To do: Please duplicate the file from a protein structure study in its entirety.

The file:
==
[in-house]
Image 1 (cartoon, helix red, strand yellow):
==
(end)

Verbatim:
[in-house]
Image 1 (cartoon, helix red, strand yellow):